Wednesday, April 14, 2010

White Tank Top Elbow Gang Brings Smiles to Volunteers in Haiti

It's an unlikely gang. Their uniform: white tank tops and arm slings. Their mark: pieces of medical tape stuck to their foreheads reading NPO (a Latin acronym meaning "do not feed," a common pre-op instruction). They roam the halls of the Hôpital Albert Schweitzer (HAS) together sometimes holding IV bags for each other. They are about 8- years-old and are affectionately known as the White Tank Top Elbow Gang by Project HOPE volunteers working in the OR.

"The boys know a few words in English so they always say 'hello' and ask our names," relates HOPE volunteer, RN Tina Bergstrom, an OR nurse from Massachusetts General Hospital. "But the curious thing is that all four have elbow fractures."

Fellow HOPE volunteer, Dr. Tom Witschi, an orthopedic surgeon practicing at Elmhurst Hospital Center in Queens, NY, has a theory. “It's mango season,” he says. “When the mangos are ripe, the kids climb the trees to get them. And what happens when kids climb trees? Sometimes they fall.”

Bergstrom, Witschi and RN Michelle Wall-Kerwin, another HOPE volunteer and Massachusetts General OR nurse, have spent much of their first week at HAS helping to set pins in these little elbows. The injuries, which might be set in a cast back at home, are requiring surgery thanks to the lag time from injury to medical care.

With only a few days notice, the HOPE trio has been working together since they arrived-- on Easter Sunday-- to help relieve the OR staff.

The hospital's two general surgeons are supplemented by teams like this one from Project HOPE, which provide expertise or simply a fresh perspective. But even with most of the earthquake victims out of the critical care phase, Witschi points to cases like these to emphasize the hospital's need for more staff, including a full-time orthopedic surgeon.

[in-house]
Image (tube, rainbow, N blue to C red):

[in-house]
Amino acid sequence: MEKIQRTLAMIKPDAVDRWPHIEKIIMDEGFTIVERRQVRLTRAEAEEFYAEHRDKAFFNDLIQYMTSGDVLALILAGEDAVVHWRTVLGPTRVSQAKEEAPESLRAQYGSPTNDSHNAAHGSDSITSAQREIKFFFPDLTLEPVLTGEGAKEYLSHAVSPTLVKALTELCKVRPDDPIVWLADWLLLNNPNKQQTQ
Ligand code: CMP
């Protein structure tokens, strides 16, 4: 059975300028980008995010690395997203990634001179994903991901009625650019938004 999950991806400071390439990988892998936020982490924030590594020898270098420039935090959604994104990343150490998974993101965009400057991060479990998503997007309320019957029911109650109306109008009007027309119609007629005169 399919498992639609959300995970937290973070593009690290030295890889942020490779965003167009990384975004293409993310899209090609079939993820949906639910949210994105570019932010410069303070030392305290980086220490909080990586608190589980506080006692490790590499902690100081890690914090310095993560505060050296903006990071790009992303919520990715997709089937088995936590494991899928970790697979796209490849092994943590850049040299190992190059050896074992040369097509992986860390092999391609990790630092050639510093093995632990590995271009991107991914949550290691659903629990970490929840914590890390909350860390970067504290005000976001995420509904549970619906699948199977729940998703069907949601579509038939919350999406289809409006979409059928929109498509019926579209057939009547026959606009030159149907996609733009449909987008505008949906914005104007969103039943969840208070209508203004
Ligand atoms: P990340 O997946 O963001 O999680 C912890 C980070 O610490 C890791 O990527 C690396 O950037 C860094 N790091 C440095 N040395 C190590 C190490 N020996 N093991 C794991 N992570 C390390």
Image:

"We're supposed to be helping the surgeons with their operations here, teaching as we go along, but they are so busy that we're being given many of the surgeries to do ourselves," says Witschi.
Today the team operated on a 21-year-old male patient with a tibia fracture suffered in the earthquake. After the surgery, which involved cleaning the wound and removing dead tissue from around the infected leg, the patient's body began to shudder, possibly a symptom of septic shock according to Witschi. The patient had already undergone multiple skin and muscle grafts and been fitted with external bone fixators. "Unfortunately, what this man needs is an amputation," says Witschi.

The three volunteers admit that while the week has not been without its challenges, they are positive about their mission and the role they are filling at the hospital.

"I told my husband that I really NEEDED to go," says Wall-Kerwin, who has been on similar medical missions with other organizations to Ecuador, Chile and Peru. "When you leave countries like Haiti after doing this kind of thing, you feel like you really helped someone.”

The team will be at HAS another week.

Story and photos by photojournalist and HOPE volunteer, Allison Shelley.

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